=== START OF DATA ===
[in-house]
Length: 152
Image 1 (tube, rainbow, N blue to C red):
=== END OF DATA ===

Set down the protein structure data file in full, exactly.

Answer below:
[in-house]
Length: 152
Image 1 (tube, rainbow, N blue to C red):